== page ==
Kitchen and dining room.

Kitchens become a breeding ground for bacteria because of the constant food prep and frequency of use. All surfaces, including sinks, faucets, and countertops should be cleaned thoroughly after each meal preparation. After cleaning, sanitize the area with an approved disinfectant, and make sure to allow the product the proper dwell time to be effective. Oven handles, microwaves, cabinet handles, and refrigerator doors also need to be disinfected often. Sanitize your kitchen sponge by heating it in the microwave for two minutes (or simply replace it).

Mop the kitchen and dining room floors at least once per week. Use a microfiber mop head that you can wash in hot water, separately from other items. Clean the seats and backs of chairs, as well as under and around your child’s booster seat or high chair. Disinfect these areas in the evening, giving the surfaces several hours before they’re used again.

Living room.

Frequent vacuuming is essential for eliminating many different pathogens. In addition, having your carpets professionally cleaned about twice a year is prudent. 

Pay attention to the items in this area that are commonly touched, such as remotes, video game accessories, light switches, coffee tables, and lamps. Disinfect every day.

Bedrooms.

Beds are the resting places for dead skin cells, dust mites, and other allergens. It’s important to wash your bedding weekly in hot water and dry thoroughly. Clean and flip your mattress twice a year.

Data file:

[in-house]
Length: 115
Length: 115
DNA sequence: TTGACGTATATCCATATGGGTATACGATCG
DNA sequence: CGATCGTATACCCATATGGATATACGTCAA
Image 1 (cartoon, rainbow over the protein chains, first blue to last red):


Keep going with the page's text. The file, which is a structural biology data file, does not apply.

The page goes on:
Another imperative detail related to germ mitigation is putting dirty clothes directly in the hamper, and never on the floor (PSA for teenagers and select husbands). Staying on top of laundry helps to eliminate contact germs with the outside world.

For children’s toys, separate by material. Most fabric toys and stuffed animals can be washed in a washing machine (be sure to check each label). Plastic toys can go in the dishwasher, as long as they don’t have the ability to collect water inside without draining.

Office.

For home offices, the germ-ridding cleaning emphasis should be put on disinfecting the high touch surfaces. These include the keyboard, desktop, phone, computer mouse, calculator, etc. 

Bathrooms. 

In addition to daily disinfecting of faucets, doorknobs, and toilet handles, it’s crucial that you deep clean your bathroom at least once per week. Click here for complete instructions on bathroom cleaning. Complete the task by cleaning and disinfecting the bathroom floor.

Attend to wastebaskets by keeping them lined and changing them regularly. Avoid unnecessary spreading of germs by closing the toilet lid before each flush.

If you’d rather spend your socially distanced time with kids, a book, or a movie marathon, no judgment here! Book a house cleaning service with The Maids today. Our teams are taking extra precautions to ensure that we’re leaving your home clean, neat, and healthy for your family.